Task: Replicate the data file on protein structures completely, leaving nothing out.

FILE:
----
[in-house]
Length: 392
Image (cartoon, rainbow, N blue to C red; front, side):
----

[in-house]
Length: 392
Image (cartoon, rainbow, N blue to C red; front, side):